History Of The Caulfield Cup Race
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The Caulfield Cup was first held in the autumn of 1879 over 1½ miles and was won by a horse named Newminster. It was moved from the autumn to the spring in 1881, which means two races were run that year. In 1972 the metric distance of 2400 metres was adopted, and in 1979 it became a Group 1 race.
Major lead-up races are the Group 1 AJC Metropolitan, Turnbull, Underwood and Caulfield Stakes, the Makybe Diva Stakes, formerly known as the Craiglee Stakes, and the Group 3 Craven Plate. Three-year-olds that go well in the Caulfield Cup will normally contest the Victoria Derby two weeks later, while the older horses will try their hand at the WFA Cox Plate over 2040 metres the following week, the Mackinnon Stakes over 2000 metres two weeks later or the 3200 metre Melbourne Cup.
The race has always been held at Caulfield except for 1940 to 1943 when Caulfield racecourse was used as a troop base and it was held at Flemington. The race has now grown into one of Australia’s toughest handicap races and with prize money worth over 2 million dollars it is an important lead up race to the Melbourne Cup.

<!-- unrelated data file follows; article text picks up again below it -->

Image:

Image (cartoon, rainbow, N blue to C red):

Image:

Only six horses have won more than one Caulfield Cup in its long history, with the most recent being Ming Dynasty who won in 1977 and 1980. Eleven horses have won the Caulfield-Melbourne Cup double, with the latest being Ethereal in 2001. The race is well- known as the first leg in Australia’s most popular betting double, the Caulfield Cup-Melbourne Cup.
When Verry Elleegant with 55kg won in 2020, giving trainer Chris Waller his first Caulfield Cup, she carried the second highest weight for a winning mare in Caulfield Cup history behind Tranquil Star’s 56kg in 1942.